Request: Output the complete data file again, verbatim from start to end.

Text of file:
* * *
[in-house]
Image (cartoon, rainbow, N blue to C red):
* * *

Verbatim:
[in-house]
Image (cartoon, rainbow, N blue to C red):